Glutathione is important in the regulation of the redox state, and a decline in its tissue level has often been considered to be indicative of increased oxidative stress in diabetes. In this study of diabetic rats, the level of hepatic glutathione was normal unless food intake was restricted. Thus, the previous report of a reduction in hepatic glutathione in diabetes is likely to be the result of food deprivation rather than diabetes alone. In contrast to changes characteristic of oxidative stress, the efflux of glutathione in bile from diabetic animals was significantly decreased, whereas hepatic mixed disulfides were unchanged, and the hepatic γ-glutamyltransferase activity was considerably increased. These changes were not reproduced by food deprivation. The decrease in biliary excretion of glutathione in diabetes may reflect an attempt to conserve glutathione by activation of the hepatic γ-glutamyl cycle. We conclude that the disturbances of glutathione metabolism in diabetes are not typical of those seen in oxidative stress or food restriction.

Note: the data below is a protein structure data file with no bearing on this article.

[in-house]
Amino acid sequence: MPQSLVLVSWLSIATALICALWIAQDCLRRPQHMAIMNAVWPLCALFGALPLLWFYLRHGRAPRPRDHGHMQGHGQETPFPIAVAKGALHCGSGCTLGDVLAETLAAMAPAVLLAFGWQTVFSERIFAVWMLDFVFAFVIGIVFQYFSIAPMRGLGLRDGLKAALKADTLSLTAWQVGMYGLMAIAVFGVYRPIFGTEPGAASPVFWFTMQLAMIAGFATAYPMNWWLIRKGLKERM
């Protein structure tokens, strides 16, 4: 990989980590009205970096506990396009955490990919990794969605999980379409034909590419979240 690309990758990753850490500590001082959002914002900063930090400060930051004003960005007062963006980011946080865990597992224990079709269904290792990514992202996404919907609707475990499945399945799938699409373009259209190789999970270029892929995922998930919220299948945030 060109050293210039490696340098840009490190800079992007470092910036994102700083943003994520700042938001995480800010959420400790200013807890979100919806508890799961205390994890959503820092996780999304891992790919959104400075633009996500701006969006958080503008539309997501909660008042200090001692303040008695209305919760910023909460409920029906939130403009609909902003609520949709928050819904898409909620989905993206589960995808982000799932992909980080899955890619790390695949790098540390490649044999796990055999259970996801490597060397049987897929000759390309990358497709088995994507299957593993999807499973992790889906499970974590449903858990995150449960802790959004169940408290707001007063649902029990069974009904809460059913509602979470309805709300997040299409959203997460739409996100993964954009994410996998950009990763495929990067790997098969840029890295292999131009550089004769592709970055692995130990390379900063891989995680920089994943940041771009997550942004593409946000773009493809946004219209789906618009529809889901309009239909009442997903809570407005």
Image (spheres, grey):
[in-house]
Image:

Changes in Hepatic Glutathione Metabolism in Diabetes
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Susan V McLennan, Scott Heffernan, Lesley Wright, Caroline Rae, Elizabeth Fisher, Dennis K Yue, John R Turtle; Changes in Hepatic Glutathione Metabolism in Diabetes. Diabetes 1 March 1991; 40 (3): 344–348. https://doi.org/10.2337/diab.40.3.344
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